Rashamon : Truth and Perception


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Rashamon : Truth and Perception

  1. 1. Robin F. SolomonSenior Seminar P.8September 19, 2010 Truth and Perception, RashamonEssay Question : To what extent do you agree with the views of either ErrolMorris or Roger Ebert with regard to their views of truth and perception in thefilm Rashomon? The movie Rashomon is a 1950 dramatic crime mystery film directed byJapanese film maker Akira Kurosawa . The movie had introduced Kurosawa tospread Japanese film making to the western audiences at that time. The moviedepicts a woman that has been raped and the death of her Samurai husband. Thestory explores the eyewitness accounts and it is shown through a flashback ofthe following four characters, The Bandit, the wife of the Samurai, the murderedsamurai and the woodcutter. Errol Morris believes that the film is not about thesubjectivity of truth and in the film the witness is covering up for another personto make himself look good. Errol Morris and Roger Ebert views of truth andperception in the film Rashomon represents confirmation bias, visual perceptionand point of view. Errol Morris views on the film Rashomon does depicts confirmation biasbecause evidence is only noticeable to things that support our beliefs.Confirmation bias is a concept of selective thinking where one tends to believe intheir own beliefs and they ignore the value of those whose ideas arecontradictory to theirs. For example, according to the woodcutters story, heexplained to the commoner that the samurais story was a lie. He originallywitnessed the rape and murder and therefore he didn’t want to get too involvedduring the trial. 1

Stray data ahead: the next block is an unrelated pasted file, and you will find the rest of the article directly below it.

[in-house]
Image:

2. 2. In addition to confirmation bias, the film also supports his view on visualperceptions such as Eye Witness Testimony. When it comes to criminal trials,eyes witness testimony indeed does act as a big role because certain evidencecould determine if someone is pledged guilty or not. In the movie, the wife’sstory is that the bandit abandoned her after she gets raped. She asks herhusband for forgiveness. She then freed him and begged him to kill her so thatshe would be at peace. He continued to stare at her with a look of loathing. Hisexpression disturbed her so much that she fainted with dagger in hand. Sheawoke to find her husband dead with the dagger in his chest. She attempted tokill herself, but failed in all her efforts. However, Roger Ebert supports a different view. He explains that since1950, flashbacks have been a common method to express what might havehappened before. The showing of flashbacks might not agree with any objectivereality. When viewers see flashbacks in films, it is assumed that it reflect truthand in actuality it just reflects point of view and that could be lied about. In thefilm Rashomon, all of the flashbacks could be both true and false. In conclusions both veiws of Roger Ebert and Errol Morris could besupported in various ways. For example, the film depicted their views in visualperceptions, confirmation bias and also point of view. 2